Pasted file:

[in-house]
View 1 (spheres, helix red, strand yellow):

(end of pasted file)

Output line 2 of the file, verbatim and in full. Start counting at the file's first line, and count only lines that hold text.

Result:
View 1 (spheres, helix red, strand yellow):